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Rentals: A Gateway to Adventure

May 1, 2019 / Bryan Wolf / Uncategorized

RRT’s new gear rental program gives opportunity to the new adventure seeker. With RRT’s professional gear guidance and rental service you can be side by side with seasoned thrill seekers and look like the pro of the group. We now rent gear from top name brands like MSR, Black Diamond, Thermarest, Osprey, Sea To Summit, and Sierra Designs.

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Black Mountain Crest Trail: Trip Report

March 30, 2019 / Bryan Wolf / RRT Adventures

I first came across the Black Mountain Crest Trail a few years back with a simple Google search- “toughest hikes in America.” Seems like an odd Google search, but tough trails are where my bucket list starts. Everything I read about the Black Mountain Crest Trail in North Carolina deemed it one of the most rugged, difficult trails in the Eastern US. At only 12 miles long, its short length shouldn’t be overlooked as it packs in plenty of elevation gain, technical hiking, and difficulty into those few miles. The ridgeline traverse covers five of the ten highest peaks East of the Mississippi River, eight different six-thousand foot peaks, and a finish on Mt. Mitchell, the highest mountain in the eastern US.

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Sheltowee Trace Association

March 14, 2019 / Bryan Wolf / Community Involvement, Community Partners

The Sheltowee trail runs 323 miles from northern boundary of the  Daniel Boone National Forest in Rowan County, Kentucky to the southern boundary of  Big South Fork NRRA in Scott County, Tennessee. The STA, is  a 501(c)3 non-profit association with the purpose of achieving the formation of a highly functional cross-state recreation trail. This includes trail maintenance, building, and markings.

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Gear Repair

January 30, 2019 / Brandon Behymer / Backpacking Prep

The most important part of gear repair isn’t the gear itself, it’s you. Yes, even through all the ups and downs, cursing, and joy that you and your gear share, at the end of the day the gear is selfish. You invest all this money in it, the least it could do is dry itself out and quietly make its way to a cool (50-70 degree), dry closet and hang itself up, patiently awaiting the next opportunity to carry your means of survival.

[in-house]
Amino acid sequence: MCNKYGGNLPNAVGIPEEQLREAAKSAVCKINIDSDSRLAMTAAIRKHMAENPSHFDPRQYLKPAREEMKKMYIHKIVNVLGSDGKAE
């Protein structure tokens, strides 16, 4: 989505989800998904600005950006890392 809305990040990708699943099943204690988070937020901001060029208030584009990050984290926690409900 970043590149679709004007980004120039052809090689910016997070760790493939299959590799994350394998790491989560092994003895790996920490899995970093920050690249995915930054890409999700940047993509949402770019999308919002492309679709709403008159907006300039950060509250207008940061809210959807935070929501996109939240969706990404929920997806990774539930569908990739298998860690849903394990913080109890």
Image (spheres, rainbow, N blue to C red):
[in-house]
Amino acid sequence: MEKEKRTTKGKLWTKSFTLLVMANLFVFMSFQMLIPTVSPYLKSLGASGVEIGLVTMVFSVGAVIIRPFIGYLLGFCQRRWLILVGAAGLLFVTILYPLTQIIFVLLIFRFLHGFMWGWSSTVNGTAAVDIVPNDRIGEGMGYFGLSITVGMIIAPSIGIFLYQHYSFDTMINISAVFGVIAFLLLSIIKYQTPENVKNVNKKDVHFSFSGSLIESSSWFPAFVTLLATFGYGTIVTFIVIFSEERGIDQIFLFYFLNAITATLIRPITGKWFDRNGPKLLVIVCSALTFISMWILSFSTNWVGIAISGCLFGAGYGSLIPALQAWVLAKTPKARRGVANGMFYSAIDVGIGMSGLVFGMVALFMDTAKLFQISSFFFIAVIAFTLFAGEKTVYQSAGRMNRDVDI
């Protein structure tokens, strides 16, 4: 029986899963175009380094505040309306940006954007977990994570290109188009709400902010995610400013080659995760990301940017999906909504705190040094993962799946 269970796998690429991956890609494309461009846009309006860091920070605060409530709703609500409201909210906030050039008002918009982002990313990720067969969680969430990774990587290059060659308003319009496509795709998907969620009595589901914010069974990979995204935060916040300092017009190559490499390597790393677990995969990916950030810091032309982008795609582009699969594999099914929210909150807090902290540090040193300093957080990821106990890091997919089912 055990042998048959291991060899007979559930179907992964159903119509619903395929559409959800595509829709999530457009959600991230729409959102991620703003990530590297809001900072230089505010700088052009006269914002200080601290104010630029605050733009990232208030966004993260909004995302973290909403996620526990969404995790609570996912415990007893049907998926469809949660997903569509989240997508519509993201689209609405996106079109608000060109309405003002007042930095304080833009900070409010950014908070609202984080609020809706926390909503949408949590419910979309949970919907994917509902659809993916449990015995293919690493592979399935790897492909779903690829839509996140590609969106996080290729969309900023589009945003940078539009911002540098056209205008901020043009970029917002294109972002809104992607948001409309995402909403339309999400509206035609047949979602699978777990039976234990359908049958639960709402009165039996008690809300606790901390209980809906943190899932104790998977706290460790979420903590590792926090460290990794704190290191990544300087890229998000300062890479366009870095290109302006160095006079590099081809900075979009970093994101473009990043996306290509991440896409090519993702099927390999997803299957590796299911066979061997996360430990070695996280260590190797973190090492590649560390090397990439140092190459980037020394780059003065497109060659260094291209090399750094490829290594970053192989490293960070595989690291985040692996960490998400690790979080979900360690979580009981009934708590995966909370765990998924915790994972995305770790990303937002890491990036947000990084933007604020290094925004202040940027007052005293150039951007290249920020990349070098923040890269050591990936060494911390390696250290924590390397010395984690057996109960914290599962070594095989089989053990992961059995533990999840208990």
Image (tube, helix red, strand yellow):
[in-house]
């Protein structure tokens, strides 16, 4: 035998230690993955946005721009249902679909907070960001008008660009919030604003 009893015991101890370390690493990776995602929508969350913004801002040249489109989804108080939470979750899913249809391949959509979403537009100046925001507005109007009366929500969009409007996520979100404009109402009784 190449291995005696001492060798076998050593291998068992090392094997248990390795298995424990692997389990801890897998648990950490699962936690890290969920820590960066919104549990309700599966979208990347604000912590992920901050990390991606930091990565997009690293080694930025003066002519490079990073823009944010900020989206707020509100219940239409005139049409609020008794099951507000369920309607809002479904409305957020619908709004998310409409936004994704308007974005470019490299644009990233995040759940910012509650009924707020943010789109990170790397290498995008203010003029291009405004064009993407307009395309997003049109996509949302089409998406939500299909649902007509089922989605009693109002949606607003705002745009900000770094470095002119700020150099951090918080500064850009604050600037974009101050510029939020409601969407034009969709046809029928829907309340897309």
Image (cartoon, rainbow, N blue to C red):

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The Time for Climbing Films

January 27, 2019 / Will Babb / Book/Movie Reviews

Climbing as a sport has been growing increasingly popular in recent years, thanks in part to the release of professionally made documentaries on the sport. 2018 was a landmark year for climbing films, with three climbing films out for widespread release. I had the opportunity to see Reel Rock 13, the Dawn Wall, and Free Solo in theaters and thoroughly enjoyed each of them.

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5 Reasons To: Send Your Kids Away to Camp

January 22, 2019 / Bryan Wolf / Uncategorized

You shouldn’t have to challenge your kid to play sixty minutes a day you should try to get them to sit down for only sixty minutes a day. I would have never had the tools and mindset to complete the entire Appalachian Trail without these experiences.

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Cold Weather Layering Basics

January 15, 2019 / Bryan Wolf / Backpacking Prep, Gear Reviews

A layer system traditionally consists of 4 layers. By layering correctly, we control our body temperature and protection from the elements. Each layer is intended to provide a unique purpose. We combine our layers and accessories to those layers, making changes as often as is necessary to assure that we are sweat free, warm and comfortable moving.

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Government Shut Down and our Parks

January 10, 2019 / Olivia Eads / Backpacking Prep

With the Government shut down, many of our favorite recreation areas are closed or lacking valuable resources for access. Websites are not being updated, restrooms are closed, trash is not being collected, and many people are taking full advantage of the lack of authority in these areas. Here are a few things to consider if you (like me) have planned an adventure this winter to one of our National Parks.

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Answer the Call: Recycle Your Cell Phone to Save Species!

January 7, 2019 / Bryan Wolf / Community Involvement, Uncategorized

Did you know that when carrying a phone in your pocket, you’re also carrying a piece of gorilla habitat? Cell phones contain an ore in them called coltan, which is mined in endangered gorilla habitat in Africa.

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10 Things I Would Do Differently For My Appalachian Trail Thru Hike

December 11, 2018 / Bryan Wolf / AT Journal, Backpacking Prep

I’m so happy with how my trip turned out and I wouldn’t do most things differently because what I did worked for me. Hopefully though, with my guide, someone who is thinking about thru hiking the Appalachian Trail will consider heeding my advice and learning from some of the mistakes I made along the way.

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